Letter from APS leadership

Relieving Economic Strain to Enhance American Resilience & Competitiveness in Higher Education & Research (RESEARCHER) Act

October 13, 2023

The Honorable Jennifer McClellan
US House of Representatives
2417 Rayburn HOB
Washington, DC 20515-4604

The Honorable Raúl Grijalva
US House of Representatives
1203 Longworth HOB
Washington, DC 20515-0307

Dear Representatives McClellan and Grijalva:

On behalf of the American Physical Society (APS) – the largest physics membership organization in the United States with more than 50,000 members in academia, national labs, and the private sector – I would like to thank you and your cosponsors for introducing H.R. 4002, the Relieving Economic Strain to Enhance American Resilience & Competitiveness in Higher Education & Research (RESEARCHER) Act. This bill is an important first step toward understanding and addressing the financial strain facing many graduate students and postdoctoral researchers. These individuals are a vital part of the US scientific community, carrying out much of the daily activities in research labs and lecture halls across the country.

The current status quo pits fair wages against the country’s STEM workforce needs. Inadequate grad student and postdoc compensation is partly a symptom of resource constraints and policies at federal science agencies. Nearly all fundamental research conducted in the United States is supported by federal funding in the form of individual grants to principal investigators (PIs, e.g., university professors). These grants are primarily used to pay for researcher and student salaries, as well as laboratory equipment and supplies. However, the funding pools for research grants are often heavily oversubscribed, resulting in PIs scrambling to balance lab needs with sustainable support for their students and postdocs over the course of their degree or contract. Thus, any growth in financial compensation without increased federal science funding increases the pressure on limited grant funds, translating to fewer student and postdoc researcher positions and diminished research output.

At a time when our competitors are increasingly investing in their scientific workforce, a sustainable solution must be found. While a graduate degree includes coursework, grad students are also workers, carrying out their own research, supporting their labs, mentoring more junior students, and assisting with or outright teaching undergraduate courses. Financial compensation — typically in the form of research or teaching stipends — is low, falling below living wage levels for many, and at times resulting in housing and food insecurity1. After graduation, graduates who pursue postdoc researcher positions in academia often continue to receive wages below market value for an advanced STEM degree-holder2. Graduate students and postdocs facing financial stress are less likely to thrive in research, and less optimistic about career prospects3. This financial instability is particularly concerning for STEM diversity goals, as preliminary surveys indicate that students from underrepresented or low-income backgrounds and those with dependents find these conditions especially challenging4.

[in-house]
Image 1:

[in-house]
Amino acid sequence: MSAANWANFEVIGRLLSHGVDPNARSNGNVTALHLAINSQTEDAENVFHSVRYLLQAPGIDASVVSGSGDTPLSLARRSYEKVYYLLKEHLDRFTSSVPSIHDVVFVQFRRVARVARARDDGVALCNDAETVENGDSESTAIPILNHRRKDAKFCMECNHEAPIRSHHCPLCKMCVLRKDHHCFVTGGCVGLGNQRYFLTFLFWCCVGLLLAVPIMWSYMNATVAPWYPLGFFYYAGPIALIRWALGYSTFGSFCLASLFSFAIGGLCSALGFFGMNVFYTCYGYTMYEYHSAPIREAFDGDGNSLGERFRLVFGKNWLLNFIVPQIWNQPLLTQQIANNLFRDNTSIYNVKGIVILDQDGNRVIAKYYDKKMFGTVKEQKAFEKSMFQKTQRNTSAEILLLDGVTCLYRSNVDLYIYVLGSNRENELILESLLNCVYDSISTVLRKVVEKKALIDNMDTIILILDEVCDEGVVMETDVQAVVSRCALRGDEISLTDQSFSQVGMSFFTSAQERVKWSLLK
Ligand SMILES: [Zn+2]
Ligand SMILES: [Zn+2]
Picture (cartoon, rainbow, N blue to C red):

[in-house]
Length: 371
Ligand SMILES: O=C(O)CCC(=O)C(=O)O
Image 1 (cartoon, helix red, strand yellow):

To maintain our competitiveness, we must ensure that our grad students and postdocs are fairly compensated for their efforts while also maintaining our research output. Increasing compensation without simultaneously increasing appropriations for the federal science agencies will necessarily result in fewer student and postdoc researcher positions and decreased research output. Thus, any change to grad student and postdoc compensation must be matched by a commensurate change in policy and funding for the federal science agencies. The RESEARCHER Act will help address fair compensation issues by authorizing data collection and directing the Office of Science and Technology Policy (OSTP) to establish uniform guidelines for federal science agencies. The federal research agencies will then be required to develop and implement policies based on OSTP’s guidance, and the agencies must have the necessary appropriations to do so.

By beginning to address financial precarity, students and postdocs will be able to pursue meaningful and impactful research careers without potentially sacrificing their — or their families’ — economic well-being. Investment in these researchers is imperative to the health and diversity of the US scientific workforce, and to our competitiveness on the global stage. The RESEARCHER Act is a necessary step to provide sustainability to grad students and postdoc researchers, but without sufficient appropriations, it will lead to a reduction in research output as well as reduced numbers of students and postdocs being able to pursue STEM careers.

Thank you for your efforts on this bill. We look forward to working with you on this important issue. If you have questions or would like to further discuss this issue, do not hesitate to contact APS Director of Public Affairs Mark Elsesser (elsesser@aps.org; 202.846.8121).


Robert Rosner

PresidentAmerican Physical Society


More information

  1. ga@aps.org

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